Kara Eastman has a message for Democrats looking for change they can believe in.
“I’m tired of hearing Democrats don’t have a backbone, that we don’t stand for anything,” the 45-year-old said in a commercial. “That changes now!” Eastman won her party’s primary for a House seat in Nebraska, beating a former congressman who was the Democratic Congressional Campaign Committee’s choice to turn the Republican-held seat blue.
The Progressive Change Campaign Committee celebrated Eastman’s victory by asserting “the way to inspire voters in 2018 is to campaign on a bold progressive agenda of Medicare for All, higher wages for workers, and other economic populist ideas that help working families and challenge corporate power.”
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Democratic primary voters took a sharp left turn this week in their bid to dethrone the Republican congressional majorities and soak President Trump in a giant blue wave. It was a far cry from Rep. Conor Lamb, D-Pa., running successfully on some conservative themes in a special election earlier this year, or the strategy Sen. Chuck Schumer, D-N.Y., and Rahm Emanuel pursued in 2006 that saw them recruit candidates who could win regardless of ideology.
This year, ideology is a big factor in the Democratic primaries, including the hangover from the 2016 battle between Hillary Clinton and Sen. Bernie Sanders, I-Vt. Clinton won the Democratic nomination, Sanders their hearts — and the Democratic establishment lost control.
That worries some Democrats in Washington, who point to Lamb as a winner who did not have to face scrutiny from primary voters, allowing him to better reflect his districts’ political sensibilities. But the recent primary winners’ liberal bent could augment the base’s anti-Trump enthusiasms and further energize grassroots progressives in November.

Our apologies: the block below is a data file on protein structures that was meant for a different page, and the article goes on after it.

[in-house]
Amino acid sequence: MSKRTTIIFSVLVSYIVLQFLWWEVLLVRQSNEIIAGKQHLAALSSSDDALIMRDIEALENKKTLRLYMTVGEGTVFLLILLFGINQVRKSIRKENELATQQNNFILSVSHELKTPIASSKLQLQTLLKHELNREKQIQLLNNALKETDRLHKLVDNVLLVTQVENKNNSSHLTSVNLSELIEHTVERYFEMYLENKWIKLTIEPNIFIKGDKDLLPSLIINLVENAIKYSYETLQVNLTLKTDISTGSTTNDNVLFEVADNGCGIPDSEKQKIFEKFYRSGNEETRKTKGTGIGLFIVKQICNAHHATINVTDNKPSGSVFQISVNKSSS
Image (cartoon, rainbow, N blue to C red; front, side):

Democratic voters could have gone the Lamb route in contesting another Pennsylvania House seat, the one being vacated by centrist Republican Rep. Charlie Dent. District Attorney John Morganelli, a critic of abortion and sanctuary cities who once expressed a willingness to work with Trump, was originally considered the front-runner.
Instead Morganelli was pilloried by liberal groups like EMILY’s List and Tom Steyer’s NextGen America as a Trump lackey. “If Morganelli won’t stand up to Trump, he can’t represent us,” said the narrator in one of the attack ads. The spot argued that you might like Morganelli as DA but “in Congress, the job’s being tough on Trump.”
Liberal Susan Wild ended up winning the Democratic primary.
On paper, Rachel Reddick had everything going for her. She was young (just 33), female, a mother, and military veteran, characteristics in high demand among Democrats. “Proud progressive” Scott Wallace beat her, relentlessly pointing out she had been a registered Republican since until 2016.
Wallace is the grandson of Henry Wallace, a former vice president who was dumped by President Franklin D. Roosevelt for being too liberal and who eventually ran to the left of President Harry S. Truman in the 1948 presidential election. He tweaks Trump’s 2016 campaign slogan by promising to “make America sane again.” He will challenge Rep. Brian Fitzpatrick, R-Pa.
Eastman didn’t win by much — a little over 1,100 votes — but it was still quite an upset. A political neophyte running against former Rep. Brad Ashford, the party apparatus was against her, assuming the Blue Dog Ashford was a better fit for the Omaha-area district. She campaigned for tax increases, universal background checks for gun purchases, and government-run healthcare in the form of “Medicare for All.”
The question remains whether these liberal nominees can win general elections in mixed districts as easily as they hunted Blue Dogs in the primaries. Right after Wallace beat Reddick, for example, Forward reported the newly minted nominee, now running in a heavily Jewish district, gave hundreds of thousands of dollars to groups that want to boycott and divest from Israel.
In Pennsylvania, even a pair of Democratic Socialists of America racked up big primary wins against two sitting state representatives. “In Pittsburgh, the local DSA chapter is 500 members strong and hosts Marxist reading groups, organizes against controversial anti-abortion pregnancy centers, and works to reduce police stops by fixing residents’ brake lights,” Mother Jones reported.
There have been exceptions, of course. Anti-abortion Rep. Dan Lipinski, D-Ill., narrowly survived a spirited primary challenge. None of the red state Democratic senators up for re-election this year, some of whom vote with Trump much of the time, faced serious primary challenges.
Yet it is still mostly the case that in Democratic primaries, “The Resistance” isn’t futile.